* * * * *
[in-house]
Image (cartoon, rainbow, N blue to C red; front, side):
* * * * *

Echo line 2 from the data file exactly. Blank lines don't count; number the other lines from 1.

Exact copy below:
Image (cartoon, rainbow, N blue to C red; front, side):